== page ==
Flint, MI—While nearly all city business on last night’s Flint City Council agenda was addressed in under 35 minutes, it’s what didn’t get voted on that took up the majority of the body’s more than six-hour meeting.

On Jan. 23, 2023, Council voted to approve several appointments, grant and purchase agreements, and lump sum payments to recently promoted Flint Police Department lieutenants.

What it didn’t vote on: a resolution that would’ve ceased Council’s collection of an American Rescue Plan Act (ARPA) related form and redirected residents seeking project support to the city’s Office of Public Health.

A Special Order and Add-On Resolution

During Council’s Jan. 23 Special Affairs committee, immediately preceding Council’s regular meeting, Councilwoman Judy Priestley introduced a special order to discuss the ARPA application process—a source of recent tension between the City and some council members.

Council Vice President Dr. Ladel Lewis, who chaired the meeting, then introduced an “add-on” resolution to change the name of a form Council has used to gather resident input on the City’s ARPA funding allocation. The resolution also noted that the forms would be shared with Flint’s Office of Public Health for referrals to community resources.

That form, referred to as the “City Council Initial Form,” has been construed by some residents as an application for ARPA funding, a claim Councilman Eric Mays has maintained and which the City has tried to counteract with press releases and the launch of an official ARPA funding application.

Flint City Councilman Quincy Murphy speaks during Flint City Council’s Special Affairs Committee meeting at Flint City Hall on Monday, Nov. 14, 2022. (Michael Indriolo | Flint Beat)

During discussion, Councilman Quincy Murphy clarified that he’d voted for the initial form thinking it was a way to gather residents’ input on how ARPA money should be allocated at four Council-led community meetings in 2022, not an application for funding. 

“That was my understanding, but it went left and then people believed that if they put an application in, through that one-pager, they was gonna get some help, and it was heartbreaking for me to come here Saturday and see all them people in this chamber,” Murphy told his fellow councilmembers, referring to a special meeting called by Mays and Councilwoman Jerri Winfrey-Carter on Jan. 21.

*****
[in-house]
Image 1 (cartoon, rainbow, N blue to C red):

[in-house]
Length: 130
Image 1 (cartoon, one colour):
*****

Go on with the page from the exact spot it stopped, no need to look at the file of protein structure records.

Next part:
After some back-and-forth, the city’s chief resilience officer, Lottie Ferguson, was invited up to discuss the application process now in place for ARPA funding. 

Ferguson reiterated statements from an earlier press conference on the matter, making clear the application for the city’s “community grants” portion of its ARPA funding was not for individuals, but for nonprofit organizations and businesses.

“The current application is for organizations, nonprofits, businesses, etcetera,” Ferguson said. “It is not currently available for individuals and residents.”

Ferguson said that the city has partnered with five organizations to help eligible entities apply for funding, and that the application process will be open until March 27, 2023.

She also clarified that while Council had approved a little over $18 million for the ARPA community grants, roughly $2 million of that funding had already been approved by Council for work at Clark Commons and the remainder was being held for small business grant opportunities at a later time, bringing the available total down to around $15.66 million.

Ultimately, Ferguson noted, the goal of providing ARPA funding through nonprofits is for federal accountability, as whatever money is not accounted for properly may need to be returned. She said the current application process now speaks to that accountability.

“We do understand that there are a number of questions and comments and concerns about the length of the application and how much is being requested of organizations, but it is a requirement as we are administering federal grant funds,” Ferguson told Council. “These are things that we cannot get around… these are federal government requirements. I do not want us to be in a position where we have to return a single penny because we cannot afford to do that.”

Following the special order, Council moved into discussion around changing the name of its input form to “City of Flint Resource Identification Referral Form.”

This was met with another concern from Murphy, who suggested that rather than continue to confuse residents with renaming the form, the Council should stop accepting it altogether, given that an actual application now exists.

“I know that you guys are just changing the title at the top, but it’s still the same form,” Murphy said, noting that the form itself has been the point of confusion. “My suggestion is we vote as a body to either cease and desist the form that’s being put out there now, and as a body vote to just drop that form.”

Lewis said that if Council did pursue that, there should be clarity for the people who have already turned in forms and for those who will continue to come to Council’s offices to make ARPA funding requests.

“They’re gonna show up to that council office tomorrow, regardless of what we vote on tonight, and they are going to request those forms,” Lewis said. “So when they go to request the forms, are we going to say ‘no we cease and desist giving those,’ or are we going to give them a solution as well?”